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The real agenda at PoAL?

Written By: - Date published: 2:27 pm, March 25th, 2012 - 15 comments
Categories: uncategorized - Tags: ,

It seems from the actions of PoAL this week that the management are either nuts or there is an ulterior motive to the dispute.

What we do know is there is no strike notice or lockout currently in place, the union members want to return to work and bargain in good faith and the management aren’t allowing them back on the job.

It is apparent that the supply chain is choked and the port is working at severely reduced capacity and there is a lock out in 10 days.
When I heard the workers were lifting the strike notice on Thursday I thought it was a bad strategic move because that would allow some relief to the pressure on the supply chain before the lockout coming into force. I thought that PoAL would have jumped at the chance for some relief but then disputes aren’t always as they seem.

So why aren’t they back?

I think that the Pearson is under instruction to privatise the port.

Pearson was Hutchisons Port Holdings’ man when they attempted a joint-takeover the Port of Lyttelton in 2006. Hutchinson Port Holdings is owned by Li Ka-Ching and Pearson has held senior management and board positions on many of Ka-Ching’s companies. He is a trusted lieutenant and is known to get things his own way. There are many capitalists, including Li Ka-Ching, lining up to get their hands on New Zealand’s state owned enterprises as they come onto the block.

They will be able to turn a quick buck once they have restructured the operation, reduced pay rates and eliminated “bureaucracy”.

Pearson, Gibson and Impey are steering PoAL into a death spiral to force privatisation so they can get their grubby hands on a cheap deal. Kill the business, force Auckland Council to put it on the block and then Ka-Ching buys it on the cheap and KA-CHING big profit!

– SC

15 comments on “The real agenda at PoAL? ”

  1. muzza 1

    This email from Christine Fletcher…the one below that a reply to CF from Mike Lee

    I believe that there are two stages to the current situation.

    Firstly return the port to profitability and put in place whatever measures are required to maximise the value of this ratepayer business that is so critical to the economic growth of Auckland and employment for Aucklanders. The council have been advised by the board of the port that there will need to be an improvement to the organisational structure and greater labour market flexibility. There needs to be a step change in customer service and productivity levels if the Port is going to be competitive in a difficult market.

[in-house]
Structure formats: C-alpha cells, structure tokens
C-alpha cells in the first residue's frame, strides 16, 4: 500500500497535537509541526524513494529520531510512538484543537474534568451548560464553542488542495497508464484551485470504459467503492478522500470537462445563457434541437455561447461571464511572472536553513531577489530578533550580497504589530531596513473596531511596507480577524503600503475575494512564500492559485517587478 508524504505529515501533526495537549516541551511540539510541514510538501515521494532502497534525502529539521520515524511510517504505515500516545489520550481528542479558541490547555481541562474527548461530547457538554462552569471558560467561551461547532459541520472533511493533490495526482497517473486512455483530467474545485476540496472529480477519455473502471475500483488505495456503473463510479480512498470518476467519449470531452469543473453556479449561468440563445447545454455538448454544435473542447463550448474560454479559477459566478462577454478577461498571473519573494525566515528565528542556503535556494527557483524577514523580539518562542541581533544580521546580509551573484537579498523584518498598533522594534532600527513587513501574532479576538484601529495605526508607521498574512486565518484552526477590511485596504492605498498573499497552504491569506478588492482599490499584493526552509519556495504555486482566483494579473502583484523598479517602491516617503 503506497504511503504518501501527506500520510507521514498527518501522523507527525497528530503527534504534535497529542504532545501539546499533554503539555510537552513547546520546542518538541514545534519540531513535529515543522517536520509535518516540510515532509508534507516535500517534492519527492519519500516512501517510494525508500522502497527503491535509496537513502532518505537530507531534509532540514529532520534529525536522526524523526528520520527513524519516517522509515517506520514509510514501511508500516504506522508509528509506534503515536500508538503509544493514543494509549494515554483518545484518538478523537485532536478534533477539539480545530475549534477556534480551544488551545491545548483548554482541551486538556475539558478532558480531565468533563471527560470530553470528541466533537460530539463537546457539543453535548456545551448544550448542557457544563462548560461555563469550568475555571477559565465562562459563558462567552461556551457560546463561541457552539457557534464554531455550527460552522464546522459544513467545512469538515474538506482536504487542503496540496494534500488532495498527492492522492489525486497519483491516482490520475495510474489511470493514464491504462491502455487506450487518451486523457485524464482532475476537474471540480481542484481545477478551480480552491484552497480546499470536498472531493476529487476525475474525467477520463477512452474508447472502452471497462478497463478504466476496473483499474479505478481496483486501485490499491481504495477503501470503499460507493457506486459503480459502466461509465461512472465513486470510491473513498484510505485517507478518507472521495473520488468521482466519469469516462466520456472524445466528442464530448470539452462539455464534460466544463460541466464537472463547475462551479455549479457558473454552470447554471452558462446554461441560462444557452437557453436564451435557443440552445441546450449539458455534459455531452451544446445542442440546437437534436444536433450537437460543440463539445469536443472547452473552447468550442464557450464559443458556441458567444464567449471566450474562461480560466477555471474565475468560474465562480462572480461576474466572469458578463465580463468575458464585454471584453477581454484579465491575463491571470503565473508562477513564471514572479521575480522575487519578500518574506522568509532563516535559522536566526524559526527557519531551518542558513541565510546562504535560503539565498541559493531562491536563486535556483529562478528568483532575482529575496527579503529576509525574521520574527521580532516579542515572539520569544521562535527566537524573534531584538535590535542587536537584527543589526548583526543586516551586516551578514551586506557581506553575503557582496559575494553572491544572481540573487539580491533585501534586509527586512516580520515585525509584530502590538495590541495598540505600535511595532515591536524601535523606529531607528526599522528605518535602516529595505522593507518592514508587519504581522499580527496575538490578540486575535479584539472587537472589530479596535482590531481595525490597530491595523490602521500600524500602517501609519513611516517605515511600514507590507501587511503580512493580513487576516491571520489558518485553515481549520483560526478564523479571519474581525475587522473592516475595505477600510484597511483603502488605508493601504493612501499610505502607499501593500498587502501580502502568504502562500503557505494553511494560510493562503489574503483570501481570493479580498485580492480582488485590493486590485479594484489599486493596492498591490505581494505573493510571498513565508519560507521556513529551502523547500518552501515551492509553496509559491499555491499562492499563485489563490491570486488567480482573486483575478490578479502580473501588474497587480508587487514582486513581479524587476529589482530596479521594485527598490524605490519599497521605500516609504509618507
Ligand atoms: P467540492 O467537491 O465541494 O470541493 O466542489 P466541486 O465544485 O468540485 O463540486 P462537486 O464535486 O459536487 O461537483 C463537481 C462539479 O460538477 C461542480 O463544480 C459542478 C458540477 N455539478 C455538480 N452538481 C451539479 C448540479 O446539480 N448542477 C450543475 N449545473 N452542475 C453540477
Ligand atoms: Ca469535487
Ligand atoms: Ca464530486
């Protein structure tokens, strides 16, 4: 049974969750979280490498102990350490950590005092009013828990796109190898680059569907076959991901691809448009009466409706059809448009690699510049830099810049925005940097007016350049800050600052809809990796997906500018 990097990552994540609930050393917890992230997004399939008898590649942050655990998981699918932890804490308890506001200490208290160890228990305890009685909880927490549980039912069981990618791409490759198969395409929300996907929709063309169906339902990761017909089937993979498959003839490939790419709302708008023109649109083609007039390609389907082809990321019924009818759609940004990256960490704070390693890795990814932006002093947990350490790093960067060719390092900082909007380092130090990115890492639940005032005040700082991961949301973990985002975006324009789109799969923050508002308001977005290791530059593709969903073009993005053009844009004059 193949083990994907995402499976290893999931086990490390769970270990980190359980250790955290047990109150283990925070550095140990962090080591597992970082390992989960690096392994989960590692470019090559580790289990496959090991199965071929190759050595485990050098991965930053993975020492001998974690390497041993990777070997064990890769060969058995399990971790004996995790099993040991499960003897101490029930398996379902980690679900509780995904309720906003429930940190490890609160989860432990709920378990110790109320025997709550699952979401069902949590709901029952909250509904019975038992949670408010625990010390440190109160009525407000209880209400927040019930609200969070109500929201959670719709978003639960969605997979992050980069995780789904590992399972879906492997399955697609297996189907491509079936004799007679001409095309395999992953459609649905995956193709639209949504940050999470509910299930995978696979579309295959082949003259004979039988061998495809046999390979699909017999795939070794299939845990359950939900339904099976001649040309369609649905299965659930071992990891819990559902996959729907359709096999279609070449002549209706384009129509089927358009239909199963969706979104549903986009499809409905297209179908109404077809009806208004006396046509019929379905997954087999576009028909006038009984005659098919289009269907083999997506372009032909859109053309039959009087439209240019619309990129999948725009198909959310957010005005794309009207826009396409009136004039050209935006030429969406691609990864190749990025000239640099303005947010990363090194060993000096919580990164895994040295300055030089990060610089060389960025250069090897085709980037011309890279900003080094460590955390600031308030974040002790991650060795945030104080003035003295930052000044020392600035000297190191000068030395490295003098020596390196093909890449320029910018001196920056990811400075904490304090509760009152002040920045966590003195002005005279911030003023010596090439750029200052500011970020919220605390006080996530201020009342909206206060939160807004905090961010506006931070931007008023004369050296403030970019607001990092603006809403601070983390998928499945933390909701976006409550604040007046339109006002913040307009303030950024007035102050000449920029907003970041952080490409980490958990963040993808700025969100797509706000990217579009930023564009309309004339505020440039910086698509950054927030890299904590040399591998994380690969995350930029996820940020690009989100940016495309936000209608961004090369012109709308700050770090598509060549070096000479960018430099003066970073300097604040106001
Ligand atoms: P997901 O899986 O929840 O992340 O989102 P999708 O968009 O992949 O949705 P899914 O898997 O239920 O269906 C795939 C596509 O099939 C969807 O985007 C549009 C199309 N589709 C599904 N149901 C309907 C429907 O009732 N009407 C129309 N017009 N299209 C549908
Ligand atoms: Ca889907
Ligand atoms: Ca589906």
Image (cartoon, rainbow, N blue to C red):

Only when this has been achieved we should seriously and carefully consider the best structure for the Port. It is premature to suggest what is the right structure at this stage but I have long personally believed that having an investment partner with council for the commercial operation of the port could be a workable possibility.

    For the record I have never suggested nor would I support privatisation of the total commercial business of port and I would not support the sale of port land which is strategic to the development of Auckland.


    Chris Fletcher


    Thats nonsense Christine – you are deliberately or through ignorance confusing the current dispute with the issue of ownership – which is quite another matter. You claim the port needs to be ‘returned to profit’ – this is either ignorant ( read your agenda) or the propagation of a deliberate political lie. The port is profitable – and relatively efficient (compared to other regional ports such as Botany Bay and Melbourne).
    That being said It could be and needs to be more efficient and more profitable.
    Talking about selling the port business and keeping the land is politically fraudulent. Virtually all the publicly valuable port land eg Westhaven, Britomart Quarter, Wynyard Quarter,
    Queens Wharf has been transferred out
    of POAL by the ARC (Wynyard Quarter which has enabled the current ongoing development), purchased by Auckland City Council, Westhaven, Halsey Street Wharf, harbour Park (by bridge) Teal Park) or purchased from POAL jointly by ARC and Government (Queens Wharf). The ‘land’ remaining is the reclaimed rubble laying half a metre under the tarmac upon which is located all the incredibly valuable cranes and infrastructure you want to sell. This asset belongs to the people of Auckland. They deserve to be told the truth not spun artful lies.



  2. Mr Pearson has done more damage than he understands:


    And I believe that Mr Brown has grounds to move against him:


    (Please forgive the self-aggrandisement – it’s better than posting the two posts in toto)

    • ianmac 2.1

      Why is Mr Pearson the spokesman for POAL? Why has Mr Gibson as CEO faded from Public?
      I presume that Pearson and Gibson are in total agreement on strategy.

      • Hami Shearlie 2.1.1

        And what pray is Rob Campbell up to? He’s on the board, the poacher turned gamekeeper as it were. Is he Pearson and Gibson’s advisor re Munz? If he is, he’s doing a terrible job!

        • North

          I well remember the inimitable Rob Campbell from early 70s university days. What an inspiring and frankly attractive character he was then.

          I’d prefer to rescile from thinking he’s been bought. Which today leaves only these alternatives: was he a mouthy fraud then or is he a mouthy fraud now ? Substitute “self promoting ego-fuck” where you think it appropriate.

      • The complete invisibility of Mr Gibson reflects a lack of confidence by Mr Pearson in the former’s ability to handle in public the issues raised by the ports’ managememnt strategy. It also looks like Mr Pearson has a very strong sense of his own capacities, shown to be somewhat exaggerated.

  3. Jimmy 3

    This whole fiasco is so poorly executed I can only assume the end game is to make the port non viable in an effort to remove it’s presence from the Auckland water front and improve the viability of other ports in New Zealand.

    If the action to date was really aimed to “improve” PoAL profitability, goodness help us. That level of ineptitude should be reserved for elected officials only.

    • Lanthanide 3.1

      Yes, surely if they wanted to improve profitability they’d go talk to the union about their problem and try it the union’s way first – give them a fair crack at it. Then, after 12-18 months if the union hasn’t managed to improve the situation to the extent required, start looking at more extreme measures.

  4. prism 4